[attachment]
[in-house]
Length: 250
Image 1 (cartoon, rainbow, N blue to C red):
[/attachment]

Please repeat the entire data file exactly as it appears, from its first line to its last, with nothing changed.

[in-house]
Length: 250
Image 1 (cartoon, rainbow, N blue to C red):